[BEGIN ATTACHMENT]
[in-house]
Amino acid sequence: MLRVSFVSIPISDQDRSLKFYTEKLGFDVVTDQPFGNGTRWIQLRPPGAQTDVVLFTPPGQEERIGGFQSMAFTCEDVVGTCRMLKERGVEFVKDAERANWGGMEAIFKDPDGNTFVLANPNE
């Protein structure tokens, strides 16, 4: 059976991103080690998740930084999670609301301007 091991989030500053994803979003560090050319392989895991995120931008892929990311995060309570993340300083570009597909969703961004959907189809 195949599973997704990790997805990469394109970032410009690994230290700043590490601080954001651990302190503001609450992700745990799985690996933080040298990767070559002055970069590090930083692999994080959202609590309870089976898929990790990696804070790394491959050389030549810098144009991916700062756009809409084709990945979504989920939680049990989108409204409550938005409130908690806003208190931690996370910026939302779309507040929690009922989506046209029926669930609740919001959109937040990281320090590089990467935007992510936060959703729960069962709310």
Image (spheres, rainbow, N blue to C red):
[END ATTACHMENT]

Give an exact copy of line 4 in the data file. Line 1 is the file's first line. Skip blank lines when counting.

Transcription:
Image (spheres, rainbow, N blue to C red):